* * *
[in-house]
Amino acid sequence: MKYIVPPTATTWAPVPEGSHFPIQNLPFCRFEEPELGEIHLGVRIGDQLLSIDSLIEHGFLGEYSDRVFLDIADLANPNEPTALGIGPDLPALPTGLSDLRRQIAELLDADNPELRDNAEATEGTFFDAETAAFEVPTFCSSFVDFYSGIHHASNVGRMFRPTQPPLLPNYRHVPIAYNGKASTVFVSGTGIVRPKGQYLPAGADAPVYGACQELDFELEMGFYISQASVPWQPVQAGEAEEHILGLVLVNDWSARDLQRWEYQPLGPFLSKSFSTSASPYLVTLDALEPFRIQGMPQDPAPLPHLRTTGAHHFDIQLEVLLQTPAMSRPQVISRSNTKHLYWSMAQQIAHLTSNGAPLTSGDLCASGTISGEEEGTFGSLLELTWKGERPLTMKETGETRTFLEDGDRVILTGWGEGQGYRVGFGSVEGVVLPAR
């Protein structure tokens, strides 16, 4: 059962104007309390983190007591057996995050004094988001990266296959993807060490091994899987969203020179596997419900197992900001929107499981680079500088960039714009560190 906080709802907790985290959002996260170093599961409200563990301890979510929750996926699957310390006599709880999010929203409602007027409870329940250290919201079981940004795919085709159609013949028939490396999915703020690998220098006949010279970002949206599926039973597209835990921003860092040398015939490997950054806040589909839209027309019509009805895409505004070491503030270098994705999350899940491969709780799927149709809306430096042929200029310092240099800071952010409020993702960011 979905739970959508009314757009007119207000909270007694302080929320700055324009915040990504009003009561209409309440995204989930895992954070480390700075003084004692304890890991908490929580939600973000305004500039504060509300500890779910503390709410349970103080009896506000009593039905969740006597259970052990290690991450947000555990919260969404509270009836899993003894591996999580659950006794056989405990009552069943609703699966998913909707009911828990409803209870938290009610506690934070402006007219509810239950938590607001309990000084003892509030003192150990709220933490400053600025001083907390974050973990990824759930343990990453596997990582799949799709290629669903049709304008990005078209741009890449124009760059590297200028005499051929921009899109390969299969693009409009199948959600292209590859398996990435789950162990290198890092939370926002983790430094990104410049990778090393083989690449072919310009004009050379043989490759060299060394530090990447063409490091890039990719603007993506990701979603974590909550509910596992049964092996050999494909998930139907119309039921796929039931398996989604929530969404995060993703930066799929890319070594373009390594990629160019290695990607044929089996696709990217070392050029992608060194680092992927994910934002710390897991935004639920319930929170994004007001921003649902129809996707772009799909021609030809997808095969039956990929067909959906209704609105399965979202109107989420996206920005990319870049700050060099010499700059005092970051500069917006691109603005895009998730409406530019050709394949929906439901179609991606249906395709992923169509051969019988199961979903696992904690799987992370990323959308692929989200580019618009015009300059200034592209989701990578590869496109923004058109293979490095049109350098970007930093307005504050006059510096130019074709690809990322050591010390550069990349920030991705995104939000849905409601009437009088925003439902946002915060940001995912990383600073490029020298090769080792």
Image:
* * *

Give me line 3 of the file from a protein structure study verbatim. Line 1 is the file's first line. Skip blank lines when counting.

């Protein structure tokens, strides 16, 4: 059962104007309390983190007591057996995050004094988001990266296959993807060490091994899987969203020179596997419900197992900001929107499981680079500088960039714009560190 906080709802907790985290959002996260170093599961409200563990301890979510929750996926699957310390006599709880999010929203409602007027409870329940250290919201079981940004795919085709159609013949028939490396999915703020690998220098006949010279970002949206599926039973597209835990921003860092040398015939490997950054806040589909839209027309019509009805895409505004070491503030270098994705999350899940491969709780799927149709809306430096042929200029310092240099800071952010409020993702960011 979905739970959508009314757009007119207000909270007694302080929320700055324009915040990504009003009561209409309440995204989930895992954070480390700075003084004692304890890991908490929580939600973000305004500039504060509300500890779910503390709410349970103080009896506000009593039905969740006597259970052990290690991450947000555990919260969404509270009836899993003894591996999580659950006794056989405990009552069943609703699966998913909707009911828990409803209870938290009610506690934070402006007219509810239950938590607001309990000084003892509030003192150990709220933490400053600025001083907390974050973990990824759930343990990453596997990582799949799709290629669903049709304008990005078209741009890449124009760059590297200028005499051929921009899109390969299969693009409009199948959600292209590859398996990435789950162990290198890092939370926002983790430094990104410049990778090393083989690449072919310009004009050379043989490759060299060394530090990447063409490091890039990719603007993506990701979603974590909550509910596992049964092996050999494909998930139907119309039921796929039931398996989604929530969404995060993703930066799929890319070594373009390594990629160019290695990607044929089996696709990217070392050029992608060194680092992927994910934002710390897991935004639920319930929170994004007001921003649902129809996707772009799909021609030809997808095969039956990929067909959906209704609105399965979202109107989420996206920005990319870049700050060099010499700059005092970051500069917006691109603005895009998730409406530019050709394949929906439901179609991606249906395709992923169509051969019988199961979903696992904690799987992370990323959308692929989200580019618009015009300059200034592209989701990578590869496109923004058109293979490095049109350098970007930093307005504050006059510096130019074709690809990322050591010390550069990349920030991705995104939000849905409601009437009088925003439902946002915060940001995912990383600073490029020298090769080792």